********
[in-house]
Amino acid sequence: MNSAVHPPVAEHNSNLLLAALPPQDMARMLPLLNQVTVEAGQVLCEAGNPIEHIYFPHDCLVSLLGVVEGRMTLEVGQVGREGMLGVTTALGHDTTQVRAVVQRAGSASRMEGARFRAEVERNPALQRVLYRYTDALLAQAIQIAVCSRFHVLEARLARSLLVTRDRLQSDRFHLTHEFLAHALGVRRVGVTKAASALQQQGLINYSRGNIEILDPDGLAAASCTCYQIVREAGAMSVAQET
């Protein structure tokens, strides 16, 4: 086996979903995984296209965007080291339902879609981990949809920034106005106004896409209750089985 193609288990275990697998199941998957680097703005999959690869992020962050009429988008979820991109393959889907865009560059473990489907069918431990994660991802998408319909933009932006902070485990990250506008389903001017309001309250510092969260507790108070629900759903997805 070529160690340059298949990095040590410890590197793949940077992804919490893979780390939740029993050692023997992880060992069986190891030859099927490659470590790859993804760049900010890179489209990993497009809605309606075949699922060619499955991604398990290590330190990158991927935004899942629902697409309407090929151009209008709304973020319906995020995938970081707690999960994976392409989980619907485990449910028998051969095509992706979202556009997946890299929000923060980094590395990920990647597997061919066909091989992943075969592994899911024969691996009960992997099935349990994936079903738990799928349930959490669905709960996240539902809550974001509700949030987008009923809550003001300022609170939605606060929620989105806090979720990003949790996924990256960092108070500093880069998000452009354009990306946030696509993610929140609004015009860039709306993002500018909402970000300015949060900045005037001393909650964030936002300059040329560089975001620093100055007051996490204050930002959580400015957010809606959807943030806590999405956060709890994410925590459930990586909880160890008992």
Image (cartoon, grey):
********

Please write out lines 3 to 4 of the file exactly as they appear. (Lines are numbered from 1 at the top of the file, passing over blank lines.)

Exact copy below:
């Protein structure tokens, strides 16, 4: 086996979903995984296209965007080291339902879609981990949809920034106005106004896409209750089985 193609288990275990697998199941998957680097703005999959690869992020962050009429988008979820991109393959889907865009560059473990489907069918431990994660991802998408319909933009932006902070485990990250506008389903001017309001309250510092969260507790108070629900759903997805 070529160690340059298949990095040590410890590197793949940077992804919490893979780390939740029993050692023997992880060992069986190891030859099927490659470590790859993804760049900010890179489209990993497009809605309606075949699922060619499955991604398990290590330190990158991927935004899942629902697409309407090929151009209008709304973020319906995020995938970081707690999960994976392409989980619907485990449910028998051969095509992706979202556009997946890299929000923060980094590395990920990647597997061919066909091989992943075969592994899911024969691996009960992997099935349990994936079903738990799928349930959490669905709960996240539902809550974001509700949030987008009923809550003001300022609170939605606060929620989105806090979720990003949790996924990256960092108070500093880069998000452009354009990306946030696509993610929140609004015009860039709306993002500018909402970000300015949060900045005037001393909650964030936002300059040329560089975001620093100055007051996490204050930002959580400015957010809606959807943030806590999405956060709890994410925590459930990586909880160890008992």
Image (cartoon, grey):